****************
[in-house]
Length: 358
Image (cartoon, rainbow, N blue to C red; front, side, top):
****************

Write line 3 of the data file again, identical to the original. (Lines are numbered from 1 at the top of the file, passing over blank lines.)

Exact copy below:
Image (cartoon, rainbow, N blue to C red; front, side, top):